Q Obviously, this is good news today, no question about it, but it’s also obvious that the crisis that is surging through Sun Belt states — record number of cases nationally yesterday — threatens all of these economic gains. Many states are throwing their re-openings into reverse.
What additional actions is the administration going to take to stop that? Will the administration, and will the President specifically, call on Americans to wear masks? And why don’t we have, rather than you guys celebrating good news that’s already happened — why don’t we have the Coronavirus Task Force up here giving briefings on how to get under control what is obviously not under control, as Anthony Fauci said this week?
SECRETARY MNUCHIN: Well, let me just say, I am on the Coronavirus Task Force, so I’m happy to answer a few of those questions.
I can’t comment on the schedule of briefings. I’m not aware of that.
The President specifically put in his speech encouraging Americans to wear masks, social distance, and hygiene. Because he’s the President of the United States and people are not around him — close — and the people who are around are tested, I don’t think he needs to wear a mask.
But the rest —
Q But doesn’t he want to show people?
SECRETARY MNUCHIN: But the rest — but the rest of us, absolutely. And the President supports wearing masks. I was at the House this week testifying. I’m sure you saw my picture with Chair Powell on the Wall Street Journal; I never thought we’d have a picture like that. But, yes, we are encouraging Americans to wear masks.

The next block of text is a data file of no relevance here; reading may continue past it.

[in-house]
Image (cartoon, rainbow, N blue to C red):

Now, unlike last time, as I’ve said — and, yes, I realize the numbers of cases; we’re monitoring that carefully. We’re monitoring the hospital capacity. Let me just say, I’ve been briefed on where we are on vaccines and virals. I’m very encouraged we’ll have things by the end of the year.
So, yes, we’re going to be careful. And I wouldn’t say “reverse”; I would say the states appropriately are pausing certain things, like bars and gyms, which obviously are the more contagious types of things. And I think the states are acting appropriately.
Q Thank you, Mr. Secretary.
MR. KUDLOW: Excuse me. To Jon’s question, there is — Jon, look, Deborah Birx has been down in Arizona and Texas. So they have take — put a team in play, and CDC is doing more of that. And what they’re doing is working with local officials — government officials, but health officials — to really reemphasize what I call the list of best practices. And I think that will do the trick. And if you have to phase out — as Steven said, if you phase out bars, so be it, for a few weeks.
I think some places might’ve been over-exuberant and now have to come back and get back to these best practices of distancing and masks and testing and personal hygiene.